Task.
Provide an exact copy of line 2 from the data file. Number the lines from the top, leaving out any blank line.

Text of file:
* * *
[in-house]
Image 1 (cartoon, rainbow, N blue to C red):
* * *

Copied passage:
Image 1 (cartoon, rainbow, N blue to C red):